Tree Flower is a 4 metre high sculpture positioned at the front of the buildings at Brooks High School in Launceston.
The sculpture by Matt Calvert is made using his unique technique of broken toughened glass, arranged and grouted into position within an aluminium shape. When Brooks High School was based at the original Newnham site, a feature of the grounds was a large blue gum tree where staff and students would hold outdoor assemblies. It was a natural meeting spot. The gum nut and leaf is also featured in the school badge. Matt has used the gumnut to create his tree form sculpture.
“The form was created and has evolved from the inverted gumnut of the tree and used in various repeated ways to make up the flower-like top. The central section is a mirroring inwards of the outside shape as in the concentric growth rings in the tree itself…”
Matt Calvert is a widely collected Australian-based sculptor who works primarily with toughened glass, aluminium and corten steel. He graduated from the University of Tasmania with a Bachelor of Fine Art (first class honours) in 1993. He was awarded a Samstag Scholarship to Goldsmiths College, University of London, where he completed a Master of Art degree in 1994.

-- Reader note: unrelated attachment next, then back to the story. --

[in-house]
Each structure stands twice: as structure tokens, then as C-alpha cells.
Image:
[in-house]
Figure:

After residencies in Paris, Malaysia and Japan earlier in his career, Matt’s practice now focuses on small and large-scale public and private commissions that feature recycled, toughened glass, sometimes in conjunction with corten steel and aluminium.
Matt sources his glass from waste material, smashes it up in his studio in aptly-named Glaziers Bay in southern Tasmania, and reconfigures it using a cold fusion, flat mould lamination technique into playful, quirky forms of children and an iconic range of farmyard and exotic animals. When creating his work he often references illustrations from old picture books and ‘cookie cutter’ figures.
A regular finalist in major Australian sculpture awards over the past 15 years, he won the Montalto Sculpture Prize in 2015 for the work Pointing Girl. His work is held in public and private collections in Australia, Japan, Malaysia and the United States.